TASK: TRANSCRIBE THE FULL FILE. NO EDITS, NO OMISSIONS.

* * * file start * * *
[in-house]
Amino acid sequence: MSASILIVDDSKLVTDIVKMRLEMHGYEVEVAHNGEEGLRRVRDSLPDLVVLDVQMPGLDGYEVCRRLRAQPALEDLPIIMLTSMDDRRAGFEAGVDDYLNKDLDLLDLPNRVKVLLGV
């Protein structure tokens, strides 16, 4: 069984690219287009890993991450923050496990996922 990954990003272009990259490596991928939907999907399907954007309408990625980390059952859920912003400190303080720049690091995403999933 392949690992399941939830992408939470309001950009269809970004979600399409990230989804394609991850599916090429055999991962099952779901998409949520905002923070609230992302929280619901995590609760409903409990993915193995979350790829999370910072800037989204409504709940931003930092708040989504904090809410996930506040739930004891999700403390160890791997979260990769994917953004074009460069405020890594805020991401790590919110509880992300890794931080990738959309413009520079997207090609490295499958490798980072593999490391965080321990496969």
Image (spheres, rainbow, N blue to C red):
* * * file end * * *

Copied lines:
[in-house]
Amino acid sequence: MSASILIVDDSKLVTDIVKMRLEMHGYEVEVAHNGEEGLRRVRDSLPDLVVLDVQMPGLDGYEVCRRLRAQPALEDLPIIMLTSMDDRRAGFEAGVDDYLNKDLDLLDLPNRVKVLLGV
């Protein structure tokens, strides 16, 4: 069984690219287009890993991450923050496990996922 990954990003272009990259490596991928939907999907399907954007309408990625980390059952859920912003400190303080720049690091995403999933 392949690992399941939830992408939470309001950009269809970004979600399409990230989804394609991850599916090429055999991962099952779901998409949520905002923070609230992302929280619901995590609760409903409990993915193995979350790829999370910072800037989204409504709940931003930092708040989504904090809410996930506040739930004891999700403390160890791997979260990769994917953004074009460069405020890594805020991401790590919110509880992300890794931080990738959309413009520079997207090609490295499958490798980072593999490391965080321990496969």
Image (spheres, rainbow, N blue to C red):